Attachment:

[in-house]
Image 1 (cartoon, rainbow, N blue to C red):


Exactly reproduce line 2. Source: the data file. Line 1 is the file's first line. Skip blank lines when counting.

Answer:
Image 1 (cartoon, rainbow, N blue to C red):